You’ve probably heard of the low-carb ketogenic due to its surefire ability to produce significant and rapid fat loss. But what about the negatives to a ketogenic diet?
Although ketogenic diets may seem like a godsend to anyone who has struggled for a lifetime to lose body fat, there are some drawbacks:
- Ketogenic diets require an adaptation process that lasts 1 to 2 weeks, during which you may feel tired, ill, or sluggish.
It’s a somewhat restrictive way of eating, which some people don’t like.
It requires restraint and forethought in social situations.
It may not be appropriate for athletes with a high anaerobic energy component. The maximum rate of ATP resynthesis from ketones is only about 0.40 moL/min, whereas aerobic breakdown of glycogen can resynthesize ATP at a rate of 1.0 to 2.0 moL/min.
In order to overcome these drawbacks, here are ten tips that will help you reach success with a low-carb ketogenic diet.
#1: Individualize Your Diet.
The general ratios for a ketogenic diet are 75 percent fat, 20 percent protein, and 5 percent carbohydrates. However, these can be modified based on individual needs and goals. The rule of thumb is that for the initial adaptation phase, carbs need to be below 50 grams a day in order to shift the body into fat burning mode.
#2: Increase Protein
In order to promote muscle recovery, athletes are likely to benefit from a high protein intake such that 30 percent of calories are coming from protein. Ancestral humans ate about this amount daily, which corresponds to about 3g/kg/bw a day, indicating that a ketogenic can be safe if done properly.
#3: Don’t Be Afraid of The Fat!
At this point it should be obvious that dietary fat can be perfectly healthy and play a primary role in a diet geared at fat loss, but in light of the history of fat phobia, it may be worth mentioning. Just be sure to eat fat from a variety of sources (butter, coconut oil, olive oil, avocados, nuts, fish, and seeds).
#4: Get Extra Sodium & Potassium
Experts recommend that you get extra sodium and potassium to maintain nitrogen balance and preserve lean tissue. Get between 2.5 and 5 grams of sodium (1 to 2 teaspoons of table salt) and extra potassium from green veggies and other plants. Cooking with meat broths can help provide electrolytes if you are sweating a lot during exercise.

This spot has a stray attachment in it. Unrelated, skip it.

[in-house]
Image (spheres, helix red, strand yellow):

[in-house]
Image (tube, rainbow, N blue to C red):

Exercise may accelerate the keto adaptation process by helping to get the body into fat burning mode. Both aerobic exercise (ranging from 55 to 75 percent of maximal) and interval training has been shown to increase the use of fat for fuel and improve metabolic flexibility.
#6: Drink Up
The body naturally reduces its water stores when carbs are restricted. Shoot for 0.6 to 0.7 ounces per pound of body weight daily in order to maintain hydration.
#7: Supplement With Magnesium
When you restrict carbs and train hard, magnesium can become depleted due to its role in insulin metabolism. Supplementing with 10 mg/kg of body weight (750 mg for a 165 lb (75 kg) person) may be beneficial.
#8: Get Adequate Fiber
Low-carb diets are extremely low in fiber, which can compromise gut health due to inflammation and an overgrowth of harmful bacteria in the GI tract. Eat plenty of leafy green vegetables and consider taking a fiber supplement (this is what elite gymnasts did during a successful ketogenic diet study).
#9: Drink Coffee
Caffeine can be a useful aid when transitioning to a ketogenic diet. Drinking 1 to 3 cups of coffee can significantly enhance exercise performance and motivation when training with low glycogen stores.
#10: Stay The Course
Studies testing the effect of very low-carb diets on athletes have found that it takes at least seven days for full metabolic adjustment to a low-carb diet. Just because you don’t feel “right” during the first week doesn’t mean it won’t be effective. Once you’re body is adapted, energy levels, strength, and power will return and likely be enhanced.